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Under Pressure: Joel Quenneville

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Each day in the month of August we’ll be examining a different NHL team — from looking back at last season to discussing a player under pressure to focusing on a player coming off a breakthrough year to asking questions about the future. Today we look at the Chicago Blackhawks.

You don’t hear it mentioned often enough, but since becoming the head coach of the Chicago Blackhawks, Joel Quenneville’s been one of the best in the NHL. Maybe the best head coach.

He doesn’t always have the same recognition to show for it. Much like Phil Jackson in the NBA and other coaches of perennial contenders, Coach Q isn’t piling up coach of the year awards. His lone Jack Adams came (wait for it) with the St. Louis Blues in 1999-2000.

Yes, that really happened. Indeed, it’s kind of hard to believe in 2018.

Thanks to Mike Babcock, Coach Q hasn’t been “the guy” for Team Canada, not on the same level, nor did he draw a bidding war for his services.

Walking the tight rope

Of course, there’s never been a bidding war because the Blackhawks and Quenneville managed to stick together through thick and thin. With three Stanley Cups and plenty of other impressive runs, you’d think that would be a no-brainer, yet there have been rumblings about possible changes during drier periods.

Elliotte Friedman referenced rumors in “31 Thoughts” back in January, there were reports about Coach Q being quite upset about moves such as trading Niklas Hjalmarsson in the 2017 off-season, and he admitted publicly that he wasn’t happy about assistants getting fired.

There was a fair share of drama when the Blackhawks were pumping out their best work, while sometimes falling short of the mark, but missing the 2018 Stanley Cup Playoffs really revved up those concerns. You could make an argument, even, for an amicable split; after all, the Blackhawks also haven’t won a playoff series since winning it all in 2014-15.

[Looking Back at 2017-18 | Where does Toews rank? | Building Off a Breakthrough]

It was no surprise, then, that the team needed to address such questions after deciding to bring both Bowman and Quenneville back for 2018-19. Team president John McDonough did just that in early April.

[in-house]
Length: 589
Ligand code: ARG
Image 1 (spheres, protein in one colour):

“I believe in continuity [and] they’ve had an incredible body of success,” McDonough said via the Chicago Sun-Times. “We’re not tethered to the past. This has been a very disappointing year and our expectations are incredibly high. We’re not going to deviate from those expectations. But I believe both Stan and Joel are the guys that are going to bring this back.”

To put things mildly, Quenneville faces an uphill battle when it comes to squeezing another run or two out of this declining crew.

Cooking with ingredients beyond their expiration date?

One of the biggest concerns comes in net, as Corey Crawford‘s health is a mystery for 2018-19. The Blackhawks claim they addressed that by adding Cam Ward. There’s no denying that Ward is “experienced,” yet you nearly need to observe the last decade of “experiences” for the Carolina Hurricanes to understand why people question if he can hold down the fort.

Coach Q will be asked to support whoever’s in net with his system, which won’t exactly be propped up by stellar defensive talent.

Brent Seabrook ranks as the latest Blackhawks contract that stands as a burden for the team, while as great as Duncan Keith is, you wonder if a big nosedive is looming considering his age (35) and the massive minutes he’s accrued between these NHL runs and international competition. The support beyond those guys is, erm, limited, and it probably doesn’t help that Chicago sent a decent depth defenseman in Jordan Oesterle to Arizona as a sweetener in the Marian Hossa trade.

(Sorry, but Brandon Manning probably isn’t the answer.)

You have to think that Q looks at that roster and hopes that Bowman has a trick up his sleeve, as Cap Friendly does show that Chicago boasts about $5.5 million in cap space.

Getting some sort of talent would certainly make Quenneville’s life a little easier. Could they swing a deal for a much-needed defenseman in Justin Faulk? Getting Artemi Panarin back is plausible considering his manageable cap hit ($6M), although it would be interesting to see how Chicago would entice Columbus. Heck, the Blackhawks could do worse than to gamble on a rental (who might stick around) such as Erik Karlsson or Max Pacioretty.

Even if there aren’t major improvements, there are some things that could go better.